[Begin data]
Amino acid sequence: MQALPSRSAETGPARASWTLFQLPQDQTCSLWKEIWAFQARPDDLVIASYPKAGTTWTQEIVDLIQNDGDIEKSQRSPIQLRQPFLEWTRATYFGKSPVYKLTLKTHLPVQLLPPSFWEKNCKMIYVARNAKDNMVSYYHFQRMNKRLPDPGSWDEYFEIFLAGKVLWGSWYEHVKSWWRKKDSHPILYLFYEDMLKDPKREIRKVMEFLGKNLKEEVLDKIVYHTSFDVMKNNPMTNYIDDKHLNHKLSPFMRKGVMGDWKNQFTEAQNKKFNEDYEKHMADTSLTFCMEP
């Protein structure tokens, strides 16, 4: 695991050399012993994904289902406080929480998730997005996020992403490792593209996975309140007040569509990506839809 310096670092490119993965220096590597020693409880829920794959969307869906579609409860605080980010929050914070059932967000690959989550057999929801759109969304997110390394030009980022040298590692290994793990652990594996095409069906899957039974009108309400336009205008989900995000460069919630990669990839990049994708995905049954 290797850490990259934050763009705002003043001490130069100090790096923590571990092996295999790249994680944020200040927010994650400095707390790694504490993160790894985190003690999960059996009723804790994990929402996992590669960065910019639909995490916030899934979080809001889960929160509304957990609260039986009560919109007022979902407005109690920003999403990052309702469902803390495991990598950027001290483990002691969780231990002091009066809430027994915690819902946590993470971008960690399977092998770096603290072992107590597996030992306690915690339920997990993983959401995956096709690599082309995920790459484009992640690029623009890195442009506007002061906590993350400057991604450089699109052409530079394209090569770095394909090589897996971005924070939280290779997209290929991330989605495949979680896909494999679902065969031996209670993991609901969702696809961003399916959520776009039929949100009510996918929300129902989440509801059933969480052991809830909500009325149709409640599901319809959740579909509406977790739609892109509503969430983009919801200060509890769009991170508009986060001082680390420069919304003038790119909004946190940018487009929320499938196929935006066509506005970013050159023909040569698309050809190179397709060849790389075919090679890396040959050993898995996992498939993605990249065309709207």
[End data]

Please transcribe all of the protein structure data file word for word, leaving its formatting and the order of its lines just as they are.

Amino acid sequence: MQALPSRSAETGPARASWTLFQLPQDQTCSLWKEIWAFQARPDDLVIASYPKAGTTWTQEIVDLIQNDGDIEKSQRSPIQLRQPFLEWTRATYFGKSPVYKLTLKTHLPVQLLPPSFWEKNCKMIYVARNAKDNMVSYYHFQRMNKRLPDPGSWDEYFEIFLAGKVLWGSWYEHVKSWWRKKDSHPILYLFYEDMLKDPKREIRKVMEFLGKNLKEEVLDKIVYHTSFDVMKNNPMTNYIDDKHLNHKLSPFMRKGVMGDWKNQFTEAQNKKFNEDYEKHMADTSLTFCMEP
């Protein structure tokens, strides 16, 4: 695991050399012993994904289902406080929480998730997005996020992403490792593209996975309140007040569509990506839809 310096670092490119993965220096590597020693409880829920794959969307869906579609409860605080980010929050914070059932967000690959989550057999929801759109969304997110390394030009980022040298590692290994793990652990594996095409069906899957039974009108309400336009205008989900995000460069919630990669990839990049994708995905049954 290797850490990259934050763009705002003043001490130069100090790096923590571990092996295999790249994680944020200040927010994650400095707390790694504490993160790894985190003690999960059996009723804790994990929402996992590669960065910019639909995490916030899934979080809001889960929160509304957990609260039986009560919109007022979902407005109690920003999403990052309702469902803390495991990598950027001290483990002691969780231990002091009066809430027994915690819902946590993470971008960690399977092998770096603290072992107590597996030992306690915690339920997990993983959401995956096709690599082309995920790459484009992640690029623009890195442009506007002061906590993350400057991604450089699109052409530079394209090569770095394909090589897996971005924070939280290779997209290929991330989605495949979680896909494999679902065969031996209670993991609901969702696809961003399916959520776009039929949100009510996918929300129902989440509801059933969480052991809830909500009325149709409640599901319809959740579909509406977790739609892109509503969430983009919801200060509890769009991170508009986060001082680390420069919304003038790119909004946190940018487009929320499938196929935006066509506005970013050159023909040569698309050809190179397709060849790389075919090679890396040959050993898995996992498939993605990249065309709207």